Finding a pot of gold in your software license portfolio

A substantial part of the budget of any company is taken up by IT, especially in engineering, healthcare and scientific organizations. For this reason, most CFOs scrutinize any capex or opex emanating from the IT division. One of the recurring costs that is laid out there in black and white will be for software licensing. The CFO will be unhappy about this ever-increasing cost, but regards it as an important part of compliance; after all, he does not want to be subject to a software audit that finds the company has compromised their license agreement and are now subject to a punitive fine. The number of licenses purchased and how efficiently they are used is rightly regarded as the CIO’s responsibility.

The CIO’s Challenge

The CIO, in turn, does his best to optimize license usage, by buying concurrent user licenses where possible and then monitoring that these licenses are used as efficiently as possible. However, if he is relying on the license management software provided by the vendor, the visibility of what is really happening is limited; the software is provided to help the vendor monitor usage, rather than the customer. Some organizations  that have never paid much attention to engineering and scientific software licensing costs, especially where licenses are acquired for every project and those costs are passed on to the customer. In these organizations, the licenses are often not under the control of IT, but are looked after by the relevant engineering department or project.

This does not mean that there are not IT shops who actively monitor and report on their concurrent licenses, but good license management results in demonstrable cost savings, and the CIO will obviously not downplay his success in cost reduction. There will also be readily available reports, which the CFO should take the time to understand.

Are The Cost of Engineering Licenses Often Overlooked?

The CFO is aware of licensing costs. After all the company usually has ERP, accounting and human capital software with which he is closely involved, as well as general office software, such as Microsoft Office, and will probably have several cloud-based applications like SalesForce. For these software products he has a close involvement in the licensing and renewals, but they tend to be on a per-seat or per user basis. This might be why so many CFOs leave money on the table when it comes to engineering software. The CFO will question the acquisition of new hardware, such as a high-spec laptop for the engineering department, but accept that new licenses need to be loaded on to the laptop. The fact that these licenses can cost far more than the laptop is often missed.

What a CFO can do to Mitigate these Costs

Tracking licensing costs for scientific and engineering software is a very labor-intensive task, especially if done manually. A diplomatic first step to get the information required, would be to request a new set of reports that show the number of licenses purchased, in use and the level of their utilization. There will probably be some resistance from the CIO, mainly because these values are very difficult if not impossible to determine using the vendor-supplied software. Any arguments can be countered by conceding that a reasonable budget will be allocated for getting the right software to do the job, but that this must be done as soon as possible. By showing empathy and understanding of the problem, there is no implication that the CIO has neglected to look after his licenses. It might even be the case that he has no control over these licenses, because the engineers buy and manage them directly.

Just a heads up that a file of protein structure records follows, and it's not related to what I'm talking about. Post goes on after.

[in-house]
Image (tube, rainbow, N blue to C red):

Where this is the case, there may need to be some additional work to bring the license back under IT’s management. Whatever the situation, the reporting will be an eye-opener.

Finding the Money

There are three main sources of unnecessary spending or “waste” on licenses:-

  • unused licenses, or “shelfware”.
  • single-user or named user licenses that are only used occasionally
  • a concurrent or network license pool with poor utilization.

Shelfware. Unused licenses are commonly found where a set of new licenses was procured for a new project, and the project is now completed or the phase of the project where they were needed has passed. What tends to happen with these licenses is that license renewals are entered into without checking that they are needed. These licenses can immediately be dispensed with, you have enough licenses without them.

Single-User Licenses. It is often valid to purchase a single-user license for a resource who uses the software daily and for most of the day. However, there needs to be real justification for retaining them, rather than assigning the user to the concurrent user pool and freeing up the license, to be exchanged for a concurrent license or terminated. Single-user licenses are cheaper, but not if they are not used extensively.

Concurrent Licenses. Concurrent licenses cost more but can be used much more efficiently because users draw them from a pool and (hopefully) return them to the pool when they are finished (good license management software can manage that too by “harvesting” idle licenses). Ensuring that concurrent licenses are used to the maximum is not an overnight job, but the CIO should be able to demonstrate gradual improvement month-by-month once he has the right software to see what is really going on. We have several case studies where customers have used OpenLM to optimize concurrent license usage.

This may seem like an exercise that will result in small savings, but if you take the cost of these licenses into account, some companies have realized over a $1,000,000 by reducing their license overhead. It depends which software you use, but when you consider the price of Catia, Solidworks, Revit or AutoCad, it would be foolish not to get rid of licenses you don’t really need.